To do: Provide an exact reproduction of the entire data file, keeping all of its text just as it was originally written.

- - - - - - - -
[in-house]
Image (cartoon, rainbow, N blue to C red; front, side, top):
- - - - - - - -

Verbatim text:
[in-house]
Image (cartoon, rainbow, N blue to C red; front, side, top):